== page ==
CloudTalk: Voice instant messaging that works

New asynchronous messaging app is different enough to be useful, but not so unique that it confuses.

Rafe Needleman Former Editor at Large
Rafe Needleman reviews mobile apps and products for fun, and picks startups apart when he gets bored. He has evaluated thousands of new companies, most of which have since gone out of business.
Rafe Needleman
3 min read

The most audacious start-up pitches are those that propose changing people's communications habits. No matter how clever a company's technology or gorgeous an app's interface, getting users to adopt new modalities of communication is perhaps the hardest job in tech.

It's a social challenge as much as a technological one, which means that if you get it right, your technology spreads from person to person--virally, as the overused term calls it. Lately, social start-ups have been adopting strange, mutated viral models: Path is a social app that launched with a bizarrely limited way to join networks. Color opens you up to pop-up social networks based on physical proximity. Both clever but far outside most users' comfort zones.

CloudTalk has a clean and fast interface for asynchronous voice messaging. Screenshot by Rafe Needleman/CNET

A new app, CloudTalk (previously Pana.ma) is a person-to-person voice and video messaging app. On paper it looks like an unpleasant mashup of voice and SMS, but it's not. CloudTalk is a very smart system for sending asynchronous voice (or video or text) messages to your contacts, and I believe its interaction model is appropriate for the way people communication today--especially kids.

As CloudTalk founder David Hayden (formerly of Magellan and Critical Path) says, as we discuss the younger generation's growing reliance on text messaging, "It's not that kids don't like to talk. It that they don't like phone calls." CloudTalk is designed around recording voice messages. You can also send photos, videos, or text, but the interface favors voice. Conversations appear in a list window much like a iPhone's display of an SMS thread or an instant message chat.

I was skeptical that this app would add anything worthwhile to the standard quiver of smartphone communication tools we all have, but to my surprise it works well, and it's worth using. I've never seen an application that does such short work of sending voice messages or that makes it so straightforward to mix modalities in a message thread. If you want to reply to a voice message with text or video, it's easy. Or vice versa. The only thing you can't do yet is call or FaceTime a person for a real-time discussion from within an asynchronous thread.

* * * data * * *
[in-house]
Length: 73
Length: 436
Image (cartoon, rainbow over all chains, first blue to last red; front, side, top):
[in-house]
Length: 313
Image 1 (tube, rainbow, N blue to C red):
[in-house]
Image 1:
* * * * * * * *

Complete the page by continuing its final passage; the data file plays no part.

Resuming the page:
It's easy to add people to your CloudTalk address book by scanning through your smartphone's address book to find people who are also CloudTalk users. You can also search the online directory for users you know, much as you can with Skype.

Press to record. The big red button says this is a voice app, although you can also send text messages, and record photos and videos. Screenshot by Rafe Needleman/CNET

CloudTalk can also turn a one-to-one thread into a multiparty conversation. You can, additionally, join BBS-like discussion groups. (See also: Beluga, owned by Facebook.) But the star of this show is person-to-person communication.

When you're using it, CloudTalk does not feel like a sparkling new idea. It seems rather obvious. That makes it fast to learn and easy to use. But while it's different enough to be valuable, it's not such a conceptual innovation that it will scare potential users away.

The app is available for iPhone and Android, and it shines on smartphones. There's a second-rate Flash-based Web version as well.

The business
Hayden tells me that the company is making its platform available to other developers; for example, see the dating app AtZip, which uses CloudTalk technology. Other business, like news organizations, might set up their own apps for citizen reporters or set up their own private groups, with exclusive features, for which CloudTalk could charge a fee. Hayden says the company can make money from providing these services. There may also be a freemium model, in which paying users get things like transcription services. If the service gets the number of users it deserves, a freemium subscription might generate revenues.

As much as I like this product, I'm less optimistic about this company being able to make good money in day-to-day operations. I wouldn't bet against a nice acquisition by a communications or social company, though, like Skype or Facebook.